Tywin’s primary goal is to maximize the power and influence of his house to ensure its long-term survival, and his decisions are based on power calculations instead of being governed by the moral laws of the universe (Exhibit A: The Red Wedding). Yet Westeros’ other rulers do not universally abide by realist precepts: for example, the Starks, Greyjoys, Baratheons, and Sand Snakes of Dorne are all driven to participate in conflicts based more on abstract ideals than rational power calculations, and traditions and norms such as guest rights and the prohibition of kinslaying constrict the strategic options of some states to their own detriment. However, the series’ purposeful contrast of Tywin Lannister’s realism with leaders who act primarily to spread universal values (justice, honor, equality) or in pursuit of individual emotional goals (vengeance, glory) encourages watchers to engage in the real-world debate regarding which of these forces does or should influence the actions of states in the international system.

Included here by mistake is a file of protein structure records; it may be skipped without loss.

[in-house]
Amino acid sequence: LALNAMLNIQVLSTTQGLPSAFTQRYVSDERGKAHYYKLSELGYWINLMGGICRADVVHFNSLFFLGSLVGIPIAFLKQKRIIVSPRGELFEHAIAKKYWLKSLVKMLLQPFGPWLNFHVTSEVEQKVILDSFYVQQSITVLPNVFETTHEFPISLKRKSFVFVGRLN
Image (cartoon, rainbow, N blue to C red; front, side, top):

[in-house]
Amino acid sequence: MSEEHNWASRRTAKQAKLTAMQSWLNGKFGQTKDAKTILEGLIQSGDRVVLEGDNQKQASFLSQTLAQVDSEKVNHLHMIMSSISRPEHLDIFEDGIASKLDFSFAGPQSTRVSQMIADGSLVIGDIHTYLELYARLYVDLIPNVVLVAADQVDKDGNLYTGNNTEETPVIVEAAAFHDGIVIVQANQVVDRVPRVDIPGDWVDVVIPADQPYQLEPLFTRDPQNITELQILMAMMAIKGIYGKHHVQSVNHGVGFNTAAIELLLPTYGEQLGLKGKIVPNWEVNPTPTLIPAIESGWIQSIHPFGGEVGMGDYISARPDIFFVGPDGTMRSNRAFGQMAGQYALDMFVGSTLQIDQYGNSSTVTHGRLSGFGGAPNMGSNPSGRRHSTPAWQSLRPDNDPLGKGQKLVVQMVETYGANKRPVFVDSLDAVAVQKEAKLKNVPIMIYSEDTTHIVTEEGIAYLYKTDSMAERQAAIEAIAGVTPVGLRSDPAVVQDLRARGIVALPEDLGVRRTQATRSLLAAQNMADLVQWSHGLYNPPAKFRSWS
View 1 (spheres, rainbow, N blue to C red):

Game of Thrones also shows the benefits of cooperation through international institutions, even if the conflicting self-interests of states make such cooperation difficult to achieve. Jon Snow learns this firsthand as his newly-independent Kingdom of the North, rendered something of a rogue state by abandoning the institution of the Iron Throne, struggles to persuade the leaders of rival houses to join with them in countering the threat posed by the White Walkers. If anything, Game of Thrones makes the case that international institutions require greater levels of coercive power to address existential threats such as the White Walkers, a not-so-veiled metaphor for climate change that threatens to plunge Westeros into an eternal winter. The White Walkers were introduced as the primary antagonists of the series from the opening scene, and the collective failure to address the coming crisis through the first seven seasons will likely result in devastating consequences in the final chapter, an ominous parallel to what humanity may face if climate change remains unchecked.